Blind Guardian - As I said before, I listened to them while eating dinner XD I would have been more enthused if it weren't for the fact that I saw BG last December (battling a nasty nasty cold to go the show, too). I was walking away toward the signing booth when "Valhalla" started and I had to back and sing along (best BG sing-along song EVER). I listened to them more while waiting for Epica. As at Jaxx last December, they gave a solid performance and played all the crowd-pleasers like "Valhalla," "The Bard's Song," "Nightfall" and so on.

Enslaved - After BG finished, while I was still waiting for Epica, stages 2 and 3 started up at the same time, and I couldn't make out much except when one of the bands stopped to talk. After getting another shirt signed for another friend, I went to listen to Enslaved while eating ice cream. (What's better than eating something yummy while watching awesome metal? Well, I suppose not eating while watching so that you can HEADBANG or MOSH.) Enslaved, I found out, is an epic Swedish death metal band in the vein of Amon Amarth. Strong melodies and epic riffs. I liked their last song, "Allfadr Odin" so much that I chose to headbang, rather than use the portapotty before dashing out to the metro for a two hour bus ride back to Turku.

Since my mom and I opted for the 9:00 bus (which would let us get back to Turku before midnight), I didn't get to hear Devin Townsend Project (as it was, I just barely made it to the bus terminal in time; but luckily there was a very clean and functional toilet in the back of the bus :D). And I definitely didn't get to go to the afterclub, where Turmion Kätilöt, one of my favorite Finnish industrial metal bands, would have been performing. But as my aunt said, "Leave something for next time!"

Hopefully, next time will be Tuska 2012, just waiting to see who the performers will be, and figure out a way to get airline tickets.... O.o

Next reviews: I have a review of KMFDM already typed up, and need to do one for Blackguard who we saw headlining this past Wednesday. I hope I can get those up before we head out to see Blackguard, Alestorm and Kamelot tonight - braving a hurricane no less!

I will also later proofread this post and add links to wonderfully awesome live vids from the festival....

Sunday, July 17, 2011

Urgamla, Axegressor, Primordial - 7/14/11 at Klubi, Turku, Finland; and Summer Wars

Something extra for you today. Not just a concert review but also a short movie review! And there will be a book review when I get back to the States. I finished One Jump Ahead in June but I left the draft of my review on my laptop. So it will be posted when I get back. Now I'm reading Kadonneet Kyyneleet (Lost Tears) by Mike Pohjola, so you may get a double review. And now on to the good stuff...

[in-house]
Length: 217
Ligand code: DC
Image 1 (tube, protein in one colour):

In Finland, everything is death metal

I thought there'd be this huge metal scene in Finland but it seems to be concentrated in Helsinki and Tampere - then again I have to drive an hour to most metal shows in my area too. But I did find a couple of shows in Turku as part of Hammer Open Air Metal Festival and decided to go see Urgamla, Axegressor and Primordial at Klubi.

Getting into Klubi is a little disorienting but once inside its quite cozy, kind of like Jaxx. You have to go into this alley, down some stairs, through a restaurant/bar area (empty both when I arrived and left), up some stairs and finally you're at the entrance to Klubi Live. The floor is a little smaller than Jaxx (I'm terrible with measurements though so don't ask me what the dimensions are) but there are more tables, chairs and benches for sitting and a little room to the back that I didn't really explore.

Hardly anyone was there when I arrived - and Urgamla had already started even though it was only ten minutes past their scheduled start time. Perhaps in Finland concerts actually start on time? Anyway, Urgamla is a black metal band from Turku with a very brutal and death metal like sound - growled vocals (mostly in Finnish) and heavy guitars, with very headbangable riffs and melodies, and a little folk flavor. They were going for a very evil image - the singer was covered in fake blood and at some point brought out an inverted cross with some candles on it. I wish they had more CDs (they only have two short demos) and/or more stuff on youtube. I liked them better out of the two openers.